John Bradshaw’s ghost still haunts Westminster Abbey. After his public postumius hanging, he wasn’t allowed back. But, he kept an office in the Abbey’s Triforium for years and he is seen pacing around the gallery on the anniversary of Charles I’s execution on January 30th (1649). He’s probably doomed to do so because of his decision.

The ghost of the Unknown Warrior

Poet's Corner - Carcharoth via commons.wikimedia CC BY-SA 3.0
Poet’s Corner – Carcharoth via commons.wikimedia CC BY-SA 3.0

The tomb of the Unknown Warrior is a memorial to all soldiers who died during WWI. Inside the tomb, an unidentified man is buried. He was found on November 11, 1920 and given a royal funeral at Westminster Abbey. He is buried in dirt found at the battle fields in France and he lies beneath a Belgian marble stone. No one is allowed to step on the grave of the Unknown Warrior. From time to time, when all the tourists have left the Abbey, a ghostly soldier appears. He stands, head bowed as if in deep prayer, alongside his tomb for a few minutes. After that, he completely dissolves again.

The ghost of Father Benedictus

Westminster Abbey Cloister - Gardenvisit.com via flickr CC BY-2.0
Westminster Abbey Cloister – Gardenvisit.com via flickr CC BY-2.0

Everyone would love to meet Westminster Abbey’s third and final ghost. Father Benedictus was probably a murder visctim of a robbery gone wrong at the Abbey somewhere in the 16th century. Perhaps he haunts the Abbey because he doesn’t realize he’s dead because of his sudden and violent death. He appears around 5 or 6 pm, right before closing time and he seems solid. In 1900, the encounter with his spirit was documented for the first time. A group of tourists were given a tour by a man dressed in monks’ clothes. He talked to the crowd for over 20 minutes, explaining to them about the Abbey. People later said he was a very well-mannered and charming man. After the “tour” Father Benedictus slowly backed away towards a wall and he completely vanished into it, leaving some very puzzled people behind.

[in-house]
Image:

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Father Benedictus also appeared to two American tourists in 1932. They had been wandering around Westminster Abbey and got lost somehow. It was nearly closing time, so the two started to panic. Father Benedictus appeared and he showed them the way out. When they returned to the Abbey the next day to thank Father Benedictus, they were told that no one by that name worked there.

Westminster Abbey today

You can visit Westminster Abbey when you are in London. It’s certainly worth the visit! And don’t worry about getting lost. Father Benedictus will surely help you find your way back to the entrance.

Do you want to read more stories about haunted places in Europe? Click here!

Cover photo: Hernán Pinera via flickr CC BY-SA 3.0
Sources: Wikipedia, wondersoflondon.com, ghost-story.co.uk, hellomagazine.com. spookyisles.com and amyscrypt.com
Address: 20 Dean’s Yard, London, SW1, United Kingdom